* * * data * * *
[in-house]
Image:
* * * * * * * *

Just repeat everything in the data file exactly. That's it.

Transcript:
[in-house]
Image: